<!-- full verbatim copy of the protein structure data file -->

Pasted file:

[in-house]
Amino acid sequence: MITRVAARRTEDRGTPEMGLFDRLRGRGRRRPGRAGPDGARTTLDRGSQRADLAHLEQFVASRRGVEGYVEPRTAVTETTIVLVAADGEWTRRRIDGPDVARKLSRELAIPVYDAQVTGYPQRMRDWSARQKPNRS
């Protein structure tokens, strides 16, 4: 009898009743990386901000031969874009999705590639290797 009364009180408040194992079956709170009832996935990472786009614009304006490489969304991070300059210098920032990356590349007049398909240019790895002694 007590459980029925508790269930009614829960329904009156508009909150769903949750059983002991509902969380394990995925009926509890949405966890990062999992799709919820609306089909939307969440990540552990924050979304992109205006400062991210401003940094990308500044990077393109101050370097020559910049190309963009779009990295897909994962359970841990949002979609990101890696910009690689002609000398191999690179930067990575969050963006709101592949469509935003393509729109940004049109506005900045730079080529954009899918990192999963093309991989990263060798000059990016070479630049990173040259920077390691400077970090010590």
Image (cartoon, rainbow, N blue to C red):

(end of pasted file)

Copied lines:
[in-house]
Amino acid sequence: MITRVAARRTEDRGTPEMGLFDRLRGRGRRRPGRAGPDGARTTLDRGSQRADLAHLEQFVASRRGVEGYVEPRTAVTETTIVLVAADGEWTRRRIDGPDVARKLSRELAIPVYDAQVTGYPQRMRDWSARQKPNRS
């Protein structure tokens, strides 16, 4: 009898009743990386901000031969874009999705590639290797 009364009180408040194992079956709170009832996935990472786009614009304006490489969304991070300059210098920032990356590349007049398909240019790895002694 007590459980029925508790269930009614829960329904009156508009909150769903949750059983002991509902969380394990995925009926509890949405966890990062999992799709919820609306089909939307969440990540552990924050979304992109205006400062991210401003940094990308500044990077393109101050370097020559910049190309963009779009990295897909994962359970841990949002979609990101890696910009690689002609000398191999690179930067990575969050963006709101592949469509935003393509729109940004049109506005900045730079080529954009899918990192999963093309991989990263060798000059990016070479630049990173040259920077390691400077970090010590």
Image (cartoon, rainbow, N blue to C red):